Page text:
WASHINGTON – The Biden administration's initiative to spur prevention and treatment of cancer got a dose of celebrity support Monday when singer Mary J. Blige joined Jill Biden and the American Cancer Society to announce national meetings on breast and cervical cancer.
The cancer society pledged to convene the events after President Joe Biden and the first lady resurrected the “cancer moonshot” initiative this year. The program provides more money for research to, as Jill Biden said, “help us end cancer as we know it. For good.”
R&B superstar Blige said she lost aunts and other family members to breast, cervical and lung cancer. She has promoted breast cancer screening, especially among Black women who are disproportionately affected, through the Black Women's Health Imperative.
Blige on Monday blamed misconceptions about mammograms among Black women and “the practice of not wanting other people in our business” for disparities in breast cancer outcomes between Blacks and whites.
She said she is convinced that, had her aunts, godmother and grandparents been informed about cancer, “they would have a different outcome today.” She paused a few times to stay composed.
The first lady reached for Blige when the Grammy Award-winning singer returned to her seat. They sat holding hands for several minutes before Biden, whose adult son Beau died of brain cancer in 2015, thanked Blige for “lending your powerful voice to this cause.”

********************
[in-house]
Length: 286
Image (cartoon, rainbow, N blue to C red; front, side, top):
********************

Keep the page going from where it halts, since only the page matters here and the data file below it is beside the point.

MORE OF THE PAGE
The first lady said the administration's cancer initiative will help encourage collaboration and research, invest in new treatments and therapies, and help people get the best care and support for their loved ones.
She said it is about creating “a future where we don't have to be afraid of the word cancer anymore.”
The American Cancer Society said the roundtables will bring doctors, scientists and other professionals together with leading organizations to work on making progress against cancer. They are to begin this week, said Karen Knudsen, the CEO.
Breast cancer is the leading cancer for women, and is the No. 1 cause of death among Black and Latino women. More than 14,000 women will be diagnosed with cervical cancer this year, resulting in more than 4,000 deaths, she said.
Knudsen said the meetings will work to “end breast and cervical cancer as we know it for everyone.”
Since becoming first lady, Jill Biden has traveled around the country to learn about advances in cancer research and encourage people, especially women, to catch up on the screenings they skipped during the pandemic.
Her cancer advocacy began in the 1990s, after four of her friends were diagnosed with breast cancer.